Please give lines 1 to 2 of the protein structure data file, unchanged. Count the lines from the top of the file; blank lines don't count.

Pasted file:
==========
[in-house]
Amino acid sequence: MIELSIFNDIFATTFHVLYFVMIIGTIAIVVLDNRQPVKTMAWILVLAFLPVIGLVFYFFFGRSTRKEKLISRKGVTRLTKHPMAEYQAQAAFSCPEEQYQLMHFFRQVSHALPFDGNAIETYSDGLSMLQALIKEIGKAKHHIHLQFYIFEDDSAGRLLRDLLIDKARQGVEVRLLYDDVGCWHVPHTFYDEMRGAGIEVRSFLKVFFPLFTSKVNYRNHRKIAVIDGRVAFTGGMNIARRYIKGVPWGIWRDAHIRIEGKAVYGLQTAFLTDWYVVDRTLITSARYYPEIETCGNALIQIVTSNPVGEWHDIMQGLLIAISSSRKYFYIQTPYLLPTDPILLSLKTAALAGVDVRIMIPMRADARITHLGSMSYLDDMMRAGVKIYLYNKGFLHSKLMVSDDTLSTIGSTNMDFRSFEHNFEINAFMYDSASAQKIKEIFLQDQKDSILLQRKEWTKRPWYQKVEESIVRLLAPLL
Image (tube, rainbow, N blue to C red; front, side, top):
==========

[in-house]
Amino acid sequence: MIELSIFNDIFATTFHVLYFVMIIGTIAIVVLDNRQPVKTMAWILVLAFLPVIGLVFYFFFGRSTRKEKLISRKGVTRLTKHPMAEYQAQAAFSCPEEQYQLMHFFRQVSHALPFDGNAIETYSDGLSMLQALIKEIGKAKHHIHLQFYIFEDDSAGRLLRDLLIDKARQGVEVRLLYDDVGCWHVPHTFYDEMRGAGIEVRSFLKVFFPLFTSKVNYRNHRKIAVIDGRVAFTGGMNIARRYIKGVPWGIWRDAHIRIEGKAVYGLQTAFLTDWYVVDRTLITSARYYPEIETCGNALIQIVTSNPVGEWHDIMQGLLIAISSSRKYFYIQTPYLLPTDPILLSLKTAALAGVDVRIMIPMRADARITHLGSMSYLDDMMRAGVKIYLYNKGFLHSKLMVSDDTLSTIGSTNMDFRSFEHNFEINAFMYDSASAQKIKEIFLQDQKDSILLQRKEWTKRPWYQKVEESIVRLLAPLL